Teaching in primary schools can be reaaaaaally challenging...to put it politely!
The mental gymnastics of juggling class schedules, playground politics, classroom dynamics, reward and sanction policies, and marking (oh, the marking!)... It had me laid up on the couch, wine-in-hand, contemplating my career choices.
But maybe there’s a way to share the cognitive load with children as a means of providing a deeper, richer learning experience…
You have probably already heard of Design Thinking. It’s an increasingly popular process, originally practiced in the creative industries, but is now making its way into other disciplines as an innovative and collaborative approach to solving complex problems (you can read more here).
It might sound interesting, but where does it fit into primary schools? Well before I expand any further, let’s return to my brief foray in the primary school classroom…
Okay. Imagine being a supply teacher sent to a primary school and handed over a class of 28 five year-old kids and 1 teacher aide...except you’ve only worked as a high-school art teacher. Needless to say, I was definitely out of my comfort zone. This wasn’t the room of brooding, snarly teenagers that I was used to, but a wild tribe of explorers at the edge of the universe, jumping out of their skin at the novelty of having a different teacher for a day.
One school day felt like 20 hours instead of 7. The volume of task-sheets, marking, and consumption of resources was extraordinary. As each hour was divided into different subjects (I’m sure that 1 adult hour = 3 child hours), these seemingly arbitrary boundaries crept up on the children (despite fair warning), abruptly swapping their oil pastels for pencils and a task sheet on subtraction. As you can imagine, their disappointment was showcased with an emotional display of pouting lips, red faces, rigid arms and a few tears.
After a few more days holding down the fort, I was awestruck by the incredible amount of energy, time and preparation that goes into creating the primary-school classroom ecosystem...and also how one unsuspecting supply teacher can throw that delicate ecosystem into total chaos. (Not quite Lord of the Flies, but you get the idea...). What also struck me was, while the kids were learning and fulfilling their daily targets in neat chunks, I was engaged in several complex cognitive processes.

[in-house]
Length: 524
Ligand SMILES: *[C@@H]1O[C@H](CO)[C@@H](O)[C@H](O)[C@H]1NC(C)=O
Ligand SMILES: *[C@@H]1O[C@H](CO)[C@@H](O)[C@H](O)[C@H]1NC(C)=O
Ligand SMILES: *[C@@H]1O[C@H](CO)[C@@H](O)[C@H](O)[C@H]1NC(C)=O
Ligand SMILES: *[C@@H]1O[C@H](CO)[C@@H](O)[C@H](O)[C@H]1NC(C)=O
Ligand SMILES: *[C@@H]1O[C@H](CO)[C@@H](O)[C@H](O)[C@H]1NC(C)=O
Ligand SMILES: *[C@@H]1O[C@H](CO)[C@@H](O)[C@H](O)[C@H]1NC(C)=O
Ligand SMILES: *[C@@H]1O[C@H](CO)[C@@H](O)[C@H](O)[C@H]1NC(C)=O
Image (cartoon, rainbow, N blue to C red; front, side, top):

Which leads us back to Design Thinking.
Without realising, many primary school teachers are already using design thinking. In a day where almost anything can happen, the primary school teacher is always ready to empathise, improvise, experiment, prototype and iterate new ideas and strategies. But aside from engaging with teacher aides, most of these cognitive processes are fulfilled by the teacher and then delivered to and received by the children in a compartmentalised and easily digestible fashion.
So what if some of this cognitive load was shared with the children? As Dr. Zachary Stein writes:
"The all too common idea that learning is something that requires professional guidance and state-sanctioned materials is profoundly misguided. Every child learns to walk, speak, eat and to do any number of other things through educational interactions that are unforced, easy, involve no expertise or commodities, and are often quite joyful. Your mind does not need to be coerced to learn - learning is a natural state. Schooling, on the other hand, is quite unnatural, and that is why all known public school systems have required some forms of coercion."
Children (and all humans) are, quite simply, built to learn. It the most profoundly human activity that we do, as much as breathing or eating. As adults, it is undeniable that we observe children doing it naturally, seizing upon learning opportunities with agency, without adult intervention and especially without a schooling framework. Given any opportunity, children naturally become the drivers of their own learning, automatically engaging in activities that are tailored to their interests, their abilities and with the right amount of challenge to keep them engaged, whilst keeping the joy of learning alive.
So rather than waiting until high school or even after school, why don’t we engage children in this mindset as early as possible? Imagine if, when children enter the schooling system, they are presented with a problem that they need to solve: How will we learn these sets of skills? How will we measure it? And thus, embark on the journey of discovery, development, prototyping and delivery, with children working together in the co-creation of their own education, whilst also carving out their own path of inquiry that fulfills their interests and needs. As children become agents in their own learning, teachers move into the role of facilitator and experienced guide. Rather than teachers delivering knowledge, children become the discoverers of knowledge. Rather than measuring knowledge acquisition, children reflect on their contributions, attitude and resilience, as a designer and co-creator.
To the tired, over-worked, over-stimulated primary-school teacher, this idea might seem utopian and unrealistic. But it is crucial to remember that you are already designers! Design-thinking processes are something we often already do, especially as teachers. So why not share this adaptive system with our children. As we face towards an uncertain, more complex, unfamiliar and rapidly evolving world, children today are situated in a crucial historic moment. Let’s use the educational spaces we have to transform education and give our children the skills they need to face the unprecedented challenges of the future.
Written by Helen, former-arts-teacher-turned-community-manager @Newschool